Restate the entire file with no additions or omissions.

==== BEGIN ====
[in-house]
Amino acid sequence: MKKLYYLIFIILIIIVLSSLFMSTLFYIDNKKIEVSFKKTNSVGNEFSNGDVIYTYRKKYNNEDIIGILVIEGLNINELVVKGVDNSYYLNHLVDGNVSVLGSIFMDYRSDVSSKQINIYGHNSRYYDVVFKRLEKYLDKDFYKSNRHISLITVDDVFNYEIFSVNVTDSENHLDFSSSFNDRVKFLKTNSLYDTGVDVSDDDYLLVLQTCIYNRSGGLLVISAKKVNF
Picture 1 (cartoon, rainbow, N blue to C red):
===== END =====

[in-house]
Amino acid sequence: MKKLYYLIFIILIIIVLSSLFMSTLFYIDNKKIEVSFKKTNSVGNEFSNGDVIYTYRKKYNNEDIIGILVIEGLNINELVVKGVDNSYYLNHLVDGNVSVLGSIFMDYRSDVSSKQINIYGHNSRYYDVVFKRLEKYLDKDFYKSNRHISLITVDDVFNYEIFSVNVTDSENHLDFSSSFNDRVKFLKTNSLYDTGVDVSDDDYLLVLQTCIYNRSGGLLVISAKKVNF
Picture 1 (cartoon, rainbow, N blue to C red):